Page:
Poor Palm Beach County. Forty-seven miles of coastline means forty-seven miles of azure waves lapping and frothing at clean and uncrowded beaches. But barely a beachfront bar to be found. In the infinite, albeit unintended, wisdom of bureaucrat land planners and developers, Palm Beach County has left waterfront bars to Broward, where the sunburned among us can traipse salt and sand into any of dozens of oceanfront and Intracoastal bars and get a draught in a frosty mug. But Palm Beach is more genteel. Instead of bikini contests and stale keg beer, Palm Beach offers the Seafood Bar, which features a $55 two-pound lobster and merely overlooks the Atlantic by way of a giant picture window behind the bar. It's a stunning view indeed, particularly within the context of this aristocratic, century-old Palm Beach hotel. An ocean view is an ocean view is an ocean view. So why is this the best? Because of the bar itself. It's an aquarium. The lighted, horseshoe-shaped bar seats 16 and comes complete with tropical fish -- clown fish, trumpet fish, and damsels -- and faux ferns and fauna. "You want to ask me how we feed the fish?" asks bartender Kenny Willig. "Room service takes care of that." Considering its the tony Breakers of Palm Beach, he's probably not joking.
Bathtubs overlooking the Intracoastal are what give this place so much charm. Like some clandestine hideaway, Le Tub lurks behind lush foliage and a big brown picket fence. Inside you'll find South Florida's wackiest theme bar, a wooded alcove of rusty tubs and toilet seats and a quiet place to ponder moonlight ripples in yacht-disturbed waters. We like to find a perch where we can feed the catfish that gather just offshore and dig into Le Tub's superior gumbo. A well-stocked jukebox, brandy in plastic cups, and a lonely, scuffed pool table only add to the experience.
Bathtubs overlooking the Intracoastal are what give this place so much charm. Like some clandestine hideaway, Le Tub lurks behind lush foliage and a big brown picket fence. Inside you'll find South Florida's wackiest theme bar, a wooded alcove of rusty tubs and toilet seats and a quiet place to ponder moonlight ripples in yacht-disturbed waters. We like to find a perch where we can feed the catfish that gather just offshore and dig into Le Tub's superior gumbo. A well-stocked jukebox, brandy in plastic cups, and a lonely, scuffed pool table only add to the experience.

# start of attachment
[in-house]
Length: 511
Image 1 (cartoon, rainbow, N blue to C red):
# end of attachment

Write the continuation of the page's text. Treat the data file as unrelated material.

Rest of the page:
To families, block parties are a way to commune with neighbors, to fight suburban isolation with lawn chairs and potluck picnics, basketballs and bicycles. To college students, parties are a way to commune with the opposite sex, to fight social ineptitude with couches and kegs, bongs and bongos. And to the City of West Palm Beach, Clematis by Night is a way to commune with citizens, to fight downtown deterioration with restaurant tastings and refreshments, live bands and local artisans. The crowd comes in waves, first children bopping around their parents' ankles as a musical group warms up on Centennial Square, then teenagers trying on twisted silver rings and embroidered backpacks, and finally seniors waltzing in the street outside the Clematis Street Theater. The fashionable set arrives still later, swarming around Sforza's sidewalk tables and air-kissing acquaintances, ears abuzz, at My Martini. They stay later, too, sealing Clematis by Night's status as the weekly social event and showcase for the city. Not only has the program spurred redevelopment of downtown since it began in 1995, but proceeds from alcohol sales help support local museums, civic organizations, homeless shelters, and perhaps most appropriately, neighborhood associations.